OBJECT AND DESIGN: The therapeutic effect of glucosamine hydrochloride (GH) and chondroitin sulfate (CS) in combination with fursultiamine, a vitamin B1 derivative, on the development of cartilage lesions was investigated in an animal model of osteoarthritis (OA). METHODS: The OA model was created by partial medial meniscectomy of the right knee joint (day 0). The rabbits were placed into three experimental groups: operated (OA) rabbits that received placebo treatment, OA rabbits that received GH (1000 mg/kg) + CS (800 mg/kg), and OA rabbits that received GH + CS + fursultiamine (100 mg/kg). Each treatment was initiated on day 3 and continued for 8 weeks. Macroscopic and histologic analyses were performed on the cartilage. The level of MMP-1 in OA cartilage chondrocytes was evaluated by immunohistochemistry. RESULTS: Only the group receiving combined treatment with GH + CS + fursultiamine showed a significant reduction in the severity of macroscopic and histologic lesions on tibial plateau, which is the weight bearing cartilage surface of the tibia, compared with placebo-treated OA rabbits. This treatment group also revealed a small, but significant, decrease in the body weight gain of the rabbits. In cartilage from placebo-treated OA rabbits, a significantly higher percentage of chondrocytes in superficial layer stained positive for MMP-1 compared with unoperated control. Rabbits treated with the GH + CS + fursultiamine revealed a significant reduction in the level of MMP-1. CONCLUSION: These results suggest that the chondroprotective effect of GH + CS is enhanced by the addition of fursultiamine in experimental OA. This effect was associated with a reduction in the level of MMP-1, which are known to play an important role in the pathophysiology of OA lesions.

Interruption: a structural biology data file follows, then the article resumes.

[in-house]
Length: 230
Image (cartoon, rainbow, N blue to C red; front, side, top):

PMID: 15973508 [PubMed - indexed for MEDLINE]